“There’s someone in there. Just saw him through the window.” The manager looked up, asking “Where?” She strolled across and stood below the window in question, her hand pointing up and shouting “There!” That became her last word.
The vibration from the sledgehammers erupted into a rumble. Both figures on the ground looked around to see what was causing it when, suddenly, part of the side of the building came crashing down in an avalanche of bricks and concrete. The manager instinctively dived to the ground, covering his head until the deafening sound stopped. When it did he cautiously lifted his head and, through the thick fog of dust, could just make out a large pile of rubble where the councillor had been standing.
The emergency services arrived and, with the aid of the demolition crew, dug out the body that had once been Doris Fletcher. Mercifully, the coroner reported she had been killed in an instant and probably not known what hit her. An inquiry took place into the incident, but no one could explain why that section of the building should suddenly give way as it did. With no other conclusion arrived at, a verdict of accidental death was recorded.
It was a terrible tragedy for the town and tributes were paid from all sides, regardless of what they had thought of her personally. However, some opponents of the development whom Doris had alienated did secretly muse on her fate as poetic justice. But for those who were privy to the councillor’s last moments, and words, there was possibly something deeper at work. For her final performance, the Grand Old Lady of Torenton had sung the final song.

Originally appeared in the Lancashire Evening Post May 3 2014)

The Shadow Inside

Golden mile

There is nothing but the sound of my own footsteps brushing the ground of an empty promenade. Where colour once met laughter, buildings now lie shuttered and cries of seagulls echo in the breeze. A town has closed shop for season’s change and the Golden Mile is haunted by absence.

I pass Ripley’s Believe It Or Not, its loudspeaker invitation to roll up now, mercifully, silent. Once, I did step inside and didn’t believe a word. But I do know the plastic façade that is the museum’s frontage masks a building‘s secret. A past hidden from the outside. Cross that threshold into within and walk through a living memory of window bays with no view. Nothing to look out to but a plywood cocoon. The lonely soul of a house that once was.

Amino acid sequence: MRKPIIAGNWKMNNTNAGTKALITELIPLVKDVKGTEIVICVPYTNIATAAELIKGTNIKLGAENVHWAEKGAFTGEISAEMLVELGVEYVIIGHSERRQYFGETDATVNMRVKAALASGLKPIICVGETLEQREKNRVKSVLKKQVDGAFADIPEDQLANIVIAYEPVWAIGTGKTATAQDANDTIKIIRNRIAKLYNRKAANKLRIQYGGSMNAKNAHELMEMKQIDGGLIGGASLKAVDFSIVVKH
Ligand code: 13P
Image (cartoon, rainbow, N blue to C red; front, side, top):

Where now reside two headed sheep and men with four eyeballs, landladies ruled over troops of servants. Breakfasts and dinners were cooked, linen washed and beds changed. Guests home by 10.30 before the bolt went on the door. The Friday changeover as old residents were traded for new.

They say ghosts still stalk these floorboards like ripples across a pool of time. But, no, the building is a ghost. One that sleeps beneath the modern sideshow layer. And would Mr. Ripley’s clientele believe that… Or not?

Written and narrated by the Barry McCann for a sound sculpture created by Lucy Stevens, December 2011. Broadcast Grundy Art Gallery 2012 for the launch of  ther Walls Have Ears anthology by Blackpool Heritage.

Whisper in the Night

If legends be true, tis a rare old lane in Lancashire that boasts neither a boggart or some other queer doings. Indeed, during the dawn of the 1800s, there were tales of a particular pathway troubled by an apparition that local folk referred to as Dobbie. Connecting Clarke Hall to Holker House, the lane was narrow with high hedges that overhung with claw like menace. Even on a summers day it breathed a melancholic air of tunnel like gloom.

Clarke House was the home of Mr. and Mrs. Stockdale and their quartet of servants. The housekeeper, Cook, Tom the page boy and scullery maid, Nola, the most recent arrival below stairs. Aged between 15 and 17 years, the girl had no knowledge of a birthday, her only history being a written reference from the orphanage from which she came. Nola was lowest in the pecking order of servants, something Cook was forever taunting her about. Consequently, the girl was meek in manner and tended to carry herself with head slightly bowed. While the other staff had their own rooms in the houses attic, Nola was confined to an outhouse at the end of the back yard, facing the old lane and cut off from human company.

Not that Nolas lot was all bad. Mrs. Stockdale had taken to schooling the girl in reading and writing for an hour every mid morning, which she practised during the evenings in the sanctuary of her room. The others did at least encourage her in this self betterment, except Cook who professed Nola to be as dim as a smouldering candle and that educating her was like teaching a dog to perform tricks. She never said these things in front of the mistress, of course, and confined any bullying or beating of the scullery maid to the kitchen when they were alone.

It was early one autumn evening that Mr. Stockdale sent Tom across to Holker House to deliver some newspapers, a task he performed once every week. The boy was usually back before dusk, but this time seemed to be taking longer than usual. Nola had just finished putting away the dried dishes and asked Cook if she could now be excused to practise her lesson.

Suppose so, the woman shrugged, being more concerned about what was keeping Tom now the night was drawing in. Nola took her leave and Cook busied herself preparing the breakfasts for next morning, while the housekeeper caught up on her sewing. Later, as the clock chimed eight bells, the two women were startled as the kitchen door burst open and Tom ran in like a man possessed by a thousand devils. Coming to a halt in the middle of the kitchen, he tried to speak and then promptly passed out, crumpling to the floor.